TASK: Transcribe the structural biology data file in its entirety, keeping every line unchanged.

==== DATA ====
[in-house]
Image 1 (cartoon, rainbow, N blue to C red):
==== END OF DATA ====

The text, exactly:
[in-house]
Image 1 (cartoon, rainbow, N blue to C red):